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Give XFCE Autoplay (Automount)

Windows users are used to the autoplay feature, a handy bit where you can insert a CD and (hopefully) the correct program runs it. Well XFCE has the same feature, just not fully enabled by default. And sometimes it can be a pain, the automount feature can prevent installation using Ubiquity (the Ubuntu graphical installer). So here's the skinny (and maybe the slightly overweight) on the similar features in XFCE, both through the graphical method and through editing the config file.

This procedure was developed using XFCE 4.4.0.

As always, please be careful following procedures from this or any site as they can leave you with a system that's damaged and a pain to fix if a mistake is made. Make backups of any changes you make as always, if editing config files by hand.

Graphical Method

The autoplay features are handled by Thunar's volume management. Thunar is XFCE's file manager. The graphical manager is located in a place where you would never find it unless you knew where to look already. It's in the Settings > Settings Manager > File Manager and then the Advanced tab. You will see the word Configure is in blue, that's where you need to go. Well placed, eh?

The first tab you will see is Storage tab. This refers to removable memory and CD/DVDs. I can't find much difference between the hot-plugged and removable mounting, so I use both. Choosing to browse when inserted will open Thunar to the mounted drive's directory, i.e. /media/disk in some systems. Auto-run can run an executable stored on a disk or USB drive. Auto-open appears to do the same as browse with the files I'm using, but try it yourself if you wish to see how it reacts with the files you use. The command entry is for choosing what burning software you want to use for CDs/DVDs. This will bring up the program and prepare you to burn a disk when inserting a blank CD or DVD, as in XP for those of you used to a Windows environment.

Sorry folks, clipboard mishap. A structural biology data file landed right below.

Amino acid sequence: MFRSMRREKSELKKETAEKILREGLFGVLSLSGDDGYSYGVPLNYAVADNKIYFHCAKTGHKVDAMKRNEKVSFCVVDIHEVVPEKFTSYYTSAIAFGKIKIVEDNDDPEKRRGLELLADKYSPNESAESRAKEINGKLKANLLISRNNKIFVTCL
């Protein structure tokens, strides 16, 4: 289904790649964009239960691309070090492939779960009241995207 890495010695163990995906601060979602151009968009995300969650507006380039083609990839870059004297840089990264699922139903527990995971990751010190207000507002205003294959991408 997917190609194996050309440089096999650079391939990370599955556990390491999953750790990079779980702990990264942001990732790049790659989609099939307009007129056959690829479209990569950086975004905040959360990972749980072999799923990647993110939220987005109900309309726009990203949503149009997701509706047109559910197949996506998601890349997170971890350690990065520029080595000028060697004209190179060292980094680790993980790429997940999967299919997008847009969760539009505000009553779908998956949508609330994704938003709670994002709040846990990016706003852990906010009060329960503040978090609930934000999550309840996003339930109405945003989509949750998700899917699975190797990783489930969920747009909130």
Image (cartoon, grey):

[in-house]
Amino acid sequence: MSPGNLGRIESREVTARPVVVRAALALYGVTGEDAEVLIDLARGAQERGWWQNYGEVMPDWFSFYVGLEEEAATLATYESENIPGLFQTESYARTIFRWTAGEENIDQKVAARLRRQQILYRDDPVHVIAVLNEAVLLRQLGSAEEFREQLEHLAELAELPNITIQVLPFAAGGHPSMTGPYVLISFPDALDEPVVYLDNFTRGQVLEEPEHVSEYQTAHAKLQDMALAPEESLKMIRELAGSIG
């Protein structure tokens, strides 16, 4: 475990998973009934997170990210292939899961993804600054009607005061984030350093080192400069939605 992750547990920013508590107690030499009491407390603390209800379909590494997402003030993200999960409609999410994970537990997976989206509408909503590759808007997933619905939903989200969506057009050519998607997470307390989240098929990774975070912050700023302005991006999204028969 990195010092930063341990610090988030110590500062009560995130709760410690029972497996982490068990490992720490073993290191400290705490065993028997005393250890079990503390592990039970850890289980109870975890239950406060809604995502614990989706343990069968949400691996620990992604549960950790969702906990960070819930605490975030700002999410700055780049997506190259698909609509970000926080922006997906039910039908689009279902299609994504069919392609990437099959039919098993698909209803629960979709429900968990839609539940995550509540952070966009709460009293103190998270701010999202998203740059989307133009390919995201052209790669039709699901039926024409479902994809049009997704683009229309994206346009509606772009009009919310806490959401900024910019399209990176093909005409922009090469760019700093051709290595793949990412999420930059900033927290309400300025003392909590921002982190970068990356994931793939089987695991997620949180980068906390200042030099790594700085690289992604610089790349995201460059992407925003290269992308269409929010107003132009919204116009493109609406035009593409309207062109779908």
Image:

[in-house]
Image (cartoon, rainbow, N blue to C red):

The second tab is for Multimedia applications. This refers to audio and video CDs as well as DVDs. It even has a feature Windows doesn't, it can autoplay from a portable music player, such as an iPod, flash media players, or the Toshiba Gigabeat line.

The third tab, Cameras, is solely for importing photos from a camera when it is connected. You can either set Thunar to open the directory, if you know what the camera will be mounted as, or open a photo viewer or editor. This is handy for setting a computer up as a picture frame.

Yet another cool feature lies in the next tab, PDAs. The software to sync your Palm or Pocket PC device is included with many Linux distros, including Xubuntu.

The Printers tab has a feature that is normally not enabled, but should be. You can have your Linux distro run a script to install a USB printer when it is plugged in. It's a great feature, and one Linux should always have.

Input Devices allows you to execute a command when a USB keyboard, mouse, or tablet is plugged in. I'm not sure what command you would need to run, but maybe someone does.

Editing the Config File Manually

The file you need to manage is /home/(user name)/.config/Thunar/volmanrc. If it doesn't exist you can create it. At the terminal type sudo mousepad /.config/Thunar/volmanrc and then type your password. Here's what the file should look like:

AutoprinterCommand=gnome-printer-add hal://%h

Changing the options to either TRUE or FALSE will change the setting from being enabled or disabled. If an option is not present in the config file then it is automatically disabled. The options fall in line with the graphical version, in order from first tab through to the last. The Command option allows you to enter a command to be run when the automount occurs, for example when a CD is inserted this file is set to start K3B, a CD burning application.

Hope that helps a lot of you wanting to add or remove some of the drive management within XFCE.

1 comment:

Anonymous said...

Thanks for the tutorial! It answered my question, and solved a big headache I've been working around for a long time on XFCE.